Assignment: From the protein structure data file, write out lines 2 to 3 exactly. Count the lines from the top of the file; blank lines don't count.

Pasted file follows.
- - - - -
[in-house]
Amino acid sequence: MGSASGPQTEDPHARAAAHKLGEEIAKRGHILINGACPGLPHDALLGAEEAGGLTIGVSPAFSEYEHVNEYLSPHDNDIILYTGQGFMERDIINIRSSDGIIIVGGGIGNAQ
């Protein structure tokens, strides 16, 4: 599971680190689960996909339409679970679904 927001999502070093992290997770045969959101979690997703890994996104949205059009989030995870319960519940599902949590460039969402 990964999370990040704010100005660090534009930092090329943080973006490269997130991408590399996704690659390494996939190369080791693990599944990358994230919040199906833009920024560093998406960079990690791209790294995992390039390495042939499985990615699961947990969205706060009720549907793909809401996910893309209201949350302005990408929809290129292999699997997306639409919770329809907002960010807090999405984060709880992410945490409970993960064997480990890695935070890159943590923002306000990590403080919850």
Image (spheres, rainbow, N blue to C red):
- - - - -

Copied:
Amino acid sequence: MGSASGPQTEDPHARAAAHKLGEEIAKRGHILINGACPGLPHDALLGAEEAGGLTIGVSPAFSEYEHVNEYLSPHDNDIILYTGQGFMERDIINIRSSDGIIIVGGGIGNAQ
């Protein structure tokens, strides 16, 4: 599971680190689960996909339409679970679904 927001999502070093992290997770045969959101979690997703890994996104949205059009989030995870319960519940599902949590460039969402 990964999370990040704010100005660090534009930092090329943080973006490269997130991408590399996704690659390494996939190369080791693990599944990358994230919040199906833009920024560093998406960079990690791209790294995992390039390495042939499985990615699961947990969205706060009720549907793909809401996910893309209201949350302005990408929809290129292999699997997306639409919770329809907002960010807090999405984060709880992410945490409970993960064997480990890695935070890159943590923002306000990590403080919850």